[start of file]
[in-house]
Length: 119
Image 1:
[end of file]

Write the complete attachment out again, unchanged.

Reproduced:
[in-house]
Length: 119
Image 1: